Note: This was originally posted on the Center for Democracy & Technology blog.
The Internet runs on technical standards created in a variety of forums, most notably the Internet Engineering Task Force (IETF). These technical standards are what make the Internet possible. By using standardized communications protocols created in the IETF and elsewhere, computers, services, and software created by different companies can seamlessly speak with one another.
Last week, the 86th meeting of the IETF highlighted a number of new standards efforts with the potential to impact user privacy, net neutrality, and global governance. These efforts include:
- White spaces – Regulators in several countries, including the US and the UK, are in the process of converting certain radio spectrum that was once reserved for broadcast television (so-called “white spaces”) into unlicensed spectrum available to the general public for network connectivity. The IETF is creating standards to support these efforts, including a communications protocol that lets a mobile device send its location to a white spaces database to determine if there is available spectrum in its geographic area. This protocol is leveraging the work already completed in the IETF’s GEOPRIV working group by participants from CDT and elsewhere. The “PRIV” part of “GEOPRIV” refers to usage rules that, not unlike Do Not Track, get sent along with users’ geographic location information and specify users’ preferences about the retention and further distribution of that information. The white spaces protocol could be a good potential avenue for providing those rules to white spaces database operators so they know how users would like their data to be protected.
- Broadband measurement — The IETF is getting closer to the formation of a working group concerning large-scale measurement of broadband performance. Part of the motivation for this work is to standardize some of the components that comprise existing measurement frameworks that have been rolled out across Europe, the US, and Asia. With widespread use of such standards, every mobile device or home router could become capable of running the same suite of tests, allowing consumers, regulators, and network operators to compare performance across ISPs. These tests could potentially reveal differential performance of different applications, providing data to inform net neutrality debates.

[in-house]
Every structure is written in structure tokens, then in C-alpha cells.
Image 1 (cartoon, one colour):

- End of the PSTN and call origin identification – The meeting’s plenary session featured the FCC CTO, Henning Schulzrinne, discussing “The End of Plain Old Telephone Service (POTS)”. One of the key topics of the talk was the lack of reliable, secure identifiers for the source and destination of phone calls (i.e., phone numbers) on the hybrid phone/IP system that we now all use to make calls. In the context of WCIT, CDT and others raised concerns last year about governments’ desires to require the source of all traffic (voice or otherwise) to be identifiable. The potential future development of technical mechanisms to make call origin identifiers more secure and reliable – which would be optional to use and user-controlled — could provide a helpful counterbalance to governments’ claims about the necessity of mandated call origin identification.
With more than 100 working group meetings taking place over the course of the week, this list just scratches the surface as far as exciting IETF standards work goes. More than just highlighting technical developments, these examples also show how deeply intertwined Internet engineering, policy, and governance have become, and how important standards decisions are for keeping the Internet open, innovative, and free.